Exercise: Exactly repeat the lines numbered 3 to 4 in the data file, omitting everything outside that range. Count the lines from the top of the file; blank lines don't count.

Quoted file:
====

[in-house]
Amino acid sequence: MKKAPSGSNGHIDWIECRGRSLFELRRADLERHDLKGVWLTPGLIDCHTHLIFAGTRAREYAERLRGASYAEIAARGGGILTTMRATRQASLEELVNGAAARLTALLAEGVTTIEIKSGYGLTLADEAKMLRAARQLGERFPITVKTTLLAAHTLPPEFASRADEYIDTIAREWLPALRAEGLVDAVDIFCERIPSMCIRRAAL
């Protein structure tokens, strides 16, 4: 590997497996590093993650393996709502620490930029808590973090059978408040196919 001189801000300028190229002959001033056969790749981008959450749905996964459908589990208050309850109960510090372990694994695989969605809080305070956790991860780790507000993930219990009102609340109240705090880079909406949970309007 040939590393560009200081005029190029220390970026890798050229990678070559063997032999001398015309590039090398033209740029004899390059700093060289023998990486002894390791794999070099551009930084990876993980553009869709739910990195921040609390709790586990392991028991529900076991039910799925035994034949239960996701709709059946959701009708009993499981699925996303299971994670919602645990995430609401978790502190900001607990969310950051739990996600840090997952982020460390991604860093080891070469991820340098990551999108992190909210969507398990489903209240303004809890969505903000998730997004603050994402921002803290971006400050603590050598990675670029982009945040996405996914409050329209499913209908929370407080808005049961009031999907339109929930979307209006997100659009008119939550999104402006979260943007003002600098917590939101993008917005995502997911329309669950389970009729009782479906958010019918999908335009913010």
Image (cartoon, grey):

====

């Protein structure tokens, strides 16, 4: 590997497996590093993650393996709502620490930029808590973090059978408040196919 001189801000300028190229002959001033056969790749981008959450749905996964459908589990208050309850109960510090372990694994695989969605809080305070956790991860780790507000993930219990009102609340109240705090880079909406949970309007 040939590393560009200081005029190029220390970026890798050229990678070559063997032999001398015309590039090398033209740029004899390059700093060289023998990486002894390791794999070099551009930084990876993980553009869709739910990195921040609390709790586990392991028991529900076991039910799925035994034949239960996701709709059946959701009708009993499981699925996303299971994670919602645990995430609401978790502190900001607990969310950051739990996600840090997952982020460390991604860093080891070469991820340098990551999108992190909210969507398990489903209240303004809890969505903000998730997004603050994402921002803290971006400050603590050598990675670029982009945040996405996914409050329209499913209908929370407080808005049961009031999907339109929930979307209006997100659009008119939550999104402006979260943007003002600098917590939101993008917005995502997911329309669950389970009729009782479906958010019918999908335009913010």
Image (cartoon, grey):